My answer is that I see it in my mailbox every month,  take it out, flip through the pages and sometimes laugh at the gaunt 20 year-olds teetering in impossible heels with ratted wild wicked witch hair. Sometimes I take the fragrance inserts and rub them on my wrists. I read the profiles. Sometimes I see a pair of shoes that make me swoon.

But they are right, it is “apart” from my life. Not an integral part of my life. It is a magazine. And no matter how much I loved the movie, “Sepetember Issue,” I believe deep in my soul that Anna Wintour cares not a wink about my story.  The disingenuous attempt at inclusion feels false. No one wants Vogue to be about everywoman. For that I can look in the mirror.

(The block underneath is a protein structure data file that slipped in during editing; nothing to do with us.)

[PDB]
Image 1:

Still, it seems so many outlets want my story. Your story. Your narrative. Our narrative.

Each morning my Google Alerts for “everyman” include up to 20 entries of mentions from the trend toward “everyman” Oscars this year to pity for the downfall of Tiger Woods as Everyman. I don’t think so.

The overuse of the word and the notion of “we’re all in this together” supports my notion that we are immersed in a culture where the avergae citizen  is more appealing and newsworthy than an elite celebrity.

Sometimes the moniker is not deserved or sincerely applicable. Take Scott Brown, Republican’s No. 41. He is no Everyman for me, even though that has become his subtitled reference. Show me an everyman who poses for Cosmopolitan and wins a Senate seat. John Edwards was not an everyman either. He was a cheating slug.

Is he really an Everyman?

Pizza Hut and Comcast have everyman advertising campaigns, the late Walter Cronkite had everyman appeal, Barack Obama was an everyman and now not so much. Books, magazines, museums, ads, movies, pols, everyone and everything want to appeal to everyman.

Some of it I don’t buy. Some of it is just slapping a popular title on anything and everything.  Everyone is not an everyman.